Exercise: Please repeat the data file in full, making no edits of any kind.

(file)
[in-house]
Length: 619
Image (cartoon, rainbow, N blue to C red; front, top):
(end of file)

[in-house]
Length: 619
Image (cartoon, rainbow, N blue to C red; front, top):